Perfection nets national achievement
ST. MARYS – Peaking at the right time is an art Grant Barnhart mastered at the age of 9.
The third grader at Belmont Elementary School recently returned from his trip to Springfield, Mass., where he made 25-of-25 free throws at the 41st annual Elks National Hoop Shoot competition and claimed a national title for his age division.
Mark Barnhart, who coaches the varsity boys basketball program at St. Marys High School, could only remember one instance where his son made 25 free throws in a row.
“I was amazed he was able to do it,” Mark Barnhart said. “He hit 25 of 25 one time in practice, but I had never seen him do it in competition.”
The journey began in early December when Grant won the first of a series of competitions. In gym class, he was the most accurate against his classmates after sinking 7 of 10 free throws. The next step occurred at Pleasants County Middle School where Grant continued to top the charts after making 20 of 25 free throws.
At the northern district in mid-January, Grant pushed the bar even higher by converting 22 of 25 free throws.
Next stop was Capital High School in Charleston in early February. This time, Grant was good on 21 of 25 attempts.
Now Grant was destined for outside state boundaries as his family drove from the high school boys state tournament in Charleston to a locale in Frederick, Md, on March 16. That’s more than five hours in a vehicle.
The road trip, though, didn’t faze Grant as he competed against qualifiers from North Carolina, Virginia and a regional encompassing Delaware, Maryland and the District of Columbia. Grant and the representative from North Carolina were the two participants who tied for first place after they made 20 of 25 free throws.
In the shootoff, which consisted of five free throw attempts, Grant made all five – one more than the boy from North Carolina made.
Grant was now in the big time as one of 72 national qualifiers who were headed for Western New England University. Seven members from the Barnhart family, including three grandparents, took a flight from Pittsburgh to Hartford, Conn., last weekend then were shuttled to Springfield, Mass.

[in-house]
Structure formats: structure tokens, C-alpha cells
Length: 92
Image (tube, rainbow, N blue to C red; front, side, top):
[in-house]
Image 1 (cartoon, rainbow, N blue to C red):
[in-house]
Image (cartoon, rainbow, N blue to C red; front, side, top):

Part of the itinerary included a tour of the Basketball Hall of Fame with peach buckets and all.
“That was one of my favorite parts of the Hall of Fame – getting to shoot at a peach basket at center court,” Grant said.
The next morning, following a breakfast of champions for the national qualifiers, it was game on. The 8-9 age division for both boys and girls opened the contest – boys at one end of the floor and girls at the other.
In the pecking order, Grant was eighth out of 12. In 10 attempts, Grant was perfect on all 10.
After everyone completed their turn, the next shift began – this time with 15 attempts. Of the first seven individuals who shot before Grant, the best effort turned in was 24 of 25.
Grant walked to the line 12 feet away, and before each shot took his customary three dribbles. Most were clean with the exception of a couple of late attempts.
“His 22nd and 24th attempts hit the front, the back and went in – he got a lot of rim,” his father said.
No shootoff was required and Grant had his title.
“The trophy is probably 3 feet high,” Grant said.
One other male youth – in the 12-13 age group – was a perfect 25 of 25 and won a tiebreaker against Grant for the Getty Powell Award.
“The Elks does an awesome job with their accommodations,” Mark Barnhart said. “It is very well organized and good exposure for the kids.
“I don’t know what it’s like when you have to go in a gym and you can hear a pin drop, and you have to shoot free throws the way those kids had to. It looks like it would be difficult.”
Now that the Elks Hoop Shoot circuit is complete, Grant will return to shooting at his neighbor’s driveway and attending summer basketball camps.
He feels just as comfortable standing on a free throw line from the regulation distance of 15 feet as he did from 12 feet.
“Usually I shoot from 15 feet because that’s what will get me ready for playing in games,” Grant said.